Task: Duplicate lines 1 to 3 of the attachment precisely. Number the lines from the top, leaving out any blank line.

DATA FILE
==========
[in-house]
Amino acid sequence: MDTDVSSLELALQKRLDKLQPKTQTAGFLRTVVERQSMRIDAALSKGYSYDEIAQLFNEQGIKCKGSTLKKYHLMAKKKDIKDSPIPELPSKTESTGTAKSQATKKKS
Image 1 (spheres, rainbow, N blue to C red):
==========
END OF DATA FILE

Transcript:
[in-house]
Amino acid sequence: MDTDVSSLELALQKRLDKLQPKTQTAGFLRTVVERQSMRIDAALSKGYSYDEIAQLFNEQGIKCKGSTLKKYHLMAKKKDIKDSPIPELPSKTESTGTAKSQATKKKS
Image 1 (spheres, rainbow, N blue to C red):